By Mike Jones, The Intelligencer, July 29, 2020
More than eight months after the amends for disgraced bishop Michael Bransfield, pictured in this file photo, were announced, Diocese of Wheeling-Charleston officials still have heard nothing from The Vatican about how to proceed.
WHEELING — More than eight months after the amends for disgraced bishop Michael Bransfield were announced, Diocese of Wheeling-Charleston officials still have heard nothing from The Vatican about how to proceed.
In a letter sent to Roman Catholics across West Virginia on Tuesday, the Most Rev. Mark Brennan said he is still waiting for guidance from Pope Francis on whether the amends set forth against the former bishop are appropriate or whether there should be changes.
Brennan, who was installed as the diocese’s new bishop last August, announced the multi-tiered amends on Nov. 26, which included $792,638 in restitution from Bransfield, along with numerous other conditions.
“The Coronavirus pandemic struck Italy hard, so that may account for the delay,” Brennan wrote in his letter. “Please pray for this matter to resolve itself soon.”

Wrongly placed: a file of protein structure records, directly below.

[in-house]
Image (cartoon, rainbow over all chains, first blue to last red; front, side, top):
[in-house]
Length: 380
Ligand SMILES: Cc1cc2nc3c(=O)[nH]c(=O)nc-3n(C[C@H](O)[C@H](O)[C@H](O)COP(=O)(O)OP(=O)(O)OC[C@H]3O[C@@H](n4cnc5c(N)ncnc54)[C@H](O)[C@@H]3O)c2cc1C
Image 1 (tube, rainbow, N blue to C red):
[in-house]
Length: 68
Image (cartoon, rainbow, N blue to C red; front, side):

Bransfield resigned from his position as bishop in September 2018 after allegations surfaced that he mismanaged church funds, along with other misconduct.
Brennan said the amends would allow Bransfield to leave the Roman Catholic church in good standing. Church officials previously said Bransfield could negotiate with The Vatican for changes to the amends, although it was not known if he has been in contact with Brennan or Pope Francis.
Brennan said Tuesday he has not heard from The Vatican or the pope’s ambassador to the United States in nearly five months.
Other conditions of the amends included Bransfield’s monthly compensation package being reduced from $6,200 to $736, which is a stipend equal to the pension of a priest who served 13 years. He was also required to return or purchase the diocese’s car, and pay for his own prescription drug plan. It was also required that Bransfield apologize to the faithful in West Virginia and the diocesan employees.
This article first appeared HERE.